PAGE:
House v. United States of America
ORDER denying 2 Motion to Appoint Counsel. Signed by US Magistrate Judge Veronica L. Duffy on 6/5/2017. (CG)
UNITED STATES DISTRICT COURT
DISTRICT OF SOUTH DAKOTA
LANCE MAJESTIC HOUSE,
UNITED STATES OF AMERICA,
ORDER DENYING MOVANT'S
MOTION FOR APPOINTMENT OF
[DOCKET NO. 2]
This matter is before the court on the pro se motion by movant Lance
Majestic House to vacate, set aside or correct his sentence pursuant to 28
U.S.C. § 2255. See Docket No. 5. Mr. House now moves the court for an
appointment of counsel to represent himself at court expense. See Docket No.
AThere is no recognized constitutional right under the Sixth Amendment
for the appointment of counsel in habeas corpus cases.@ Hoggard v. Purkett,
29 F.3d 469, 471 (8th Cir. 1994). Because a habeas action is civil in nature,
the Sixth Amendment right to counsel applicable in criminal proceedings does
not apply. Id.
The statutory basis for the appointment of counsel in a habeas case is
found at 18 U.S.C. ' 3006A(a)(2)(B) and Rules 6(a) & 8(c), Rules Governing
Section 2255 Cases in United States District Courts, 28 U.S.C. foll. ' 2255.
Those statutes provide in relevant part:
18 U.S.C. ' 3006A(a)(2)(B):
Whenever the United States magistrate judge or
the court determines that the interests of justice
so require, representation may be provided for
any financially eligible person whoB
(B) is seeking relief under section 2241, 2254, or
2255 of title 28
If necessary for effective discovery, the judge must
appoint an attorney for a petitioner who qualifies to
have counsel appointed under 18 U.S.C. ' 3006A.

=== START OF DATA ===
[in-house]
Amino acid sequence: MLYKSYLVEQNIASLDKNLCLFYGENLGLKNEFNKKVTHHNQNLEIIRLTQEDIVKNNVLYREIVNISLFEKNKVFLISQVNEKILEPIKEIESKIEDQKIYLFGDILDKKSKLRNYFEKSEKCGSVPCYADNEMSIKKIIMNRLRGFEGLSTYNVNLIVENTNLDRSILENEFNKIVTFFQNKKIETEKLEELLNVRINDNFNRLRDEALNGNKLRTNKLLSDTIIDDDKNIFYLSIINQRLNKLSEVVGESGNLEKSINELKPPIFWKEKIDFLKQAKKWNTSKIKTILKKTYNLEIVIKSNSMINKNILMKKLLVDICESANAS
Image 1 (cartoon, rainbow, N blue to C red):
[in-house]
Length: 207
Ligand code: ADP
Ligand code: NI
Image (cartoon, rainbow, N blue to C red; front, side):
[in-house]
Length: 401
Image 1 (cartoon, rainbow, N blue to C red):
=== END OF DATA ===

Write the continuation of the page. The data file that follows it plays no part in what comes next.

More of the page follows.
If an evidentiary hearing is warranted, the judge must
appoint an attorney to represent a moving party29 f3d
who qualifies to have counsel appointed under 18
U.S.C. ' 3006A . . . These rules do not limit the
appointment of counsel under ' 3006A at any stage of
The appointment of counsel in a habeas case is discretionary when no
evidentiary hearing is necessary. Hoggard, 29 F.3d at 471 (citations omitted).
AIn exercising its discretion, the district court should consider the legal
complexity of the case, the factual complexity of the case, and the petitioner=s
ability to investigate and present his claims, along with any other relevant
factors.@ Id. Most importantly, Awhere the issues involved can be properly
resolved on the basis of the state court record, a district court does not abuse
its discretion in denying a request for court-appointed counsel.@
At this stage of these proceedings, the court concludes the appointment
of counsel for Mr. House is not in the interests of justice. It has not yet been
determined whether discovery will be taking place or whether an evidentiary
hearing must be held. To date, Mr. House has done a good job of articulating
the law and facts in support of his motion to vacate, set aside, or correct, as
well as articulating grounds for relief in other pleadings, including the instant
motion for appointment of counsel. The court will revisit this issue should the
court conclude an evidentiary hearing is necessary or should other
circumstances arise that cause the court to believe the interests of justice
would be served by appointing counsel.
Accordingly, no good cause appearing, it is hereby
ORDERED that Mr. House's motion for appointment of counsel [Docket
No. 2) is denied without prejudice.
DATED this 5th day of June, 2017.
BY THE COURT:
VERONICA L. DUFFY
United States Magistrate Judge
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